The victim was painting a screen that covered several vent holes. This required him to stretch in order to reach the screen with his paint roller. Apparently while the victim was bringing his roller and the pole back to the scaffold to put paint on the roller, he contacted the electrical line with the aluminum pole.
The victim collapsed and the co-worker laid him on the aluminum walk boards. The owner, who was suspended from a boatswain’s chair, swung over to the scaffold and performed cardiopulmonary resuscitation (CPR) on the victim until emergency medical service (EMS) personnel responded approximately 20 minutes after the victim contacted the power line. Advanced cardiac life support was administered by responding EMS personnel; however, this was begun only after the victim was removed from the scaffolding. The victim was pronounced dead on arrival at a nearby hospital.
Cause of Death
The coroner determined the cause of death to be electrocution (high voltage). Electrical burns were noted on the victim’s right side.
Recommendation #1: The employer should not erect scaffolds within ten feet of electrical power lines. Electrically conductive tools should not be used where they may come into contact with electrical power lines.
Discussion: Although there are no Federal regulations concerning working a specified distance from energized power lines, several states have requirements concerning this activity. Additionally, employees should not be allowed to use electrically conductive tools when working in the vicinity of electrical power lines. Erection of the scaffolding and the use of the aluminum pole within six to eight feet of the power line is inherently dangerous and should not be permitted. The aluminum poles had warning signs concerning their use around electrical lines; however, these warnings were not heeded.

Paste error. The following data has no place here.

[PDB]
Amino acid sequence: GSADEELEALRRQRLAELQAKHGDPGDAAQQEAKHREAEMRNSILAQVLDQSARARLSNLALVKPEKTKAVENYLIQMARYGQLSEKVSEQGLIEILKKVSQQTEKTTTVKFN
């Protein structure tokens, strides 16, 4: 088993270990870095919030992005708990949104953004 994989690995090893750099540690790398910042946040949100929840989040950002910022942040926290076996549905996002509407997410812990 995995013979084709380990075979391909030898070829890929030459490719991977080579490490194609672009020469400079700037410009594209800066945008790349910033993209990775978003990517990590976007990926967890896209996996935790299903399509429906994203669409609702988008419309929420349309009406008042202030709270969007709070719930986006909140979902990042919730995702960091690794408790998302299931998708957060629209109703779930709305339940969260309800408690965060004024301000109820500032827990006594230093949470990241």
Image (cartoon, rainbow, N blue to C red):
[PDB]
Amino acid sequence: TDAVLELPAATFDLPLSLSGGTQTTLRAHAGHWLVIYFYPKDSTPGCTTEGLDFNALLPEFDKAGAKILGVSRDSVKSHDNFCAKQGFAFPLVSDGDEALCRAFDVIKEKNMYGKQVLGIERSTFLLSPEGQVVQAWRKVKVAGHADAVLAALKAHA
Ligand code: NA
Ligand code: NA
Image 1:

Recommendation #2: Employers should thoroughly evaluate the safety concerns of their employees and take any necessary corrective action.
Discussion: Prior to the accident, employees notified the owner of the company that they were receiving shocks while working on the silo. The owner investigated the situation and determined that the shocks were resulting from voltages induced on the silo by the nearby power lines. This explanation is plausible given the voltage and proximity of the power line. Employers should thoroughly evaluate the safety concerns of their equipment. Many states provide free safety consultation to employers and utilities often provide advice concerning electrical matters. Either of these organizations may have been able to adequately explain this phenomenon and may have identified the even more serious hazard presented by the proximity of the power line to the silo.